And speaking of centralization, some politicians want to go beyond mandates and harmonization and also have EU-wide taxes and spending.

Here are some of the details from a report in the U.K.-based Guardian.

German and French politicians are calling for a…eurozone treasury equipped with a eurozone finance chief, single budget, tax-raising powers, pooled debt liabilities, a common monetary fund, and separate organisation and representation within the European parliament. …They call for the setting up of “an embryo euro area budget”, “a fiscal capacity over and above national budgets”, and harmonised corporate taxes across the bloc. The eurozone would be able to borrow on the markets against its budget, which would be financed from a kind of Tobin tax on financial transactions and also from part of the revenue from the new business tax regime.

By the way, this initiative to impose another layer of taxes and spending in Europe isn’t being advocated by irrelevant back-bench politicians. It’s being pushed by Germany’s Vice Chancellor and France’s Economy Minister!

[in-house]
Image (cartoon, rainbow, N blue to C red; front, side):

Thankfully, not everyone in Europe is economically insane. Syed Kamall, a member of the European Parliament form the U.K.’s Conservative Party, is unimpressed with this vision of greater centralization, harmonization, and bureaucratization.

Here’s some of what he wrote in a column for the EU Observer.

The socialist dream that these two politicians propose would soon turn into a nightmare not just for the Eurozone, but for the entire EU. …Their socialist vision of harmonised taxation and more social policies sounds utopian on paper but it fails to accept a basic fact: that Europe is not the world, and Europe cannot close itself off from the world. …After several decades of centralisation in the EU, we have seen the results: …a failure to keep up with growing economic competitiveness in many parts of the world. …Specific proposals such as harmonised corporate taxes are nothing new from the socialists, but they would reduce European competitiveness. …With greater harmonisation Europe’s tax rate would only be as low as the highest-taxing member. …